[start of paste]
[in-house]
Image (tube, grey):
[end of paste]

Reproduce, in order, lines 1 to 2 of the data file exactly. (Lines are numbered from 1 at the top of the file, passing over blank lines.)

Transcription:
[in-house]
Image (tube, grey):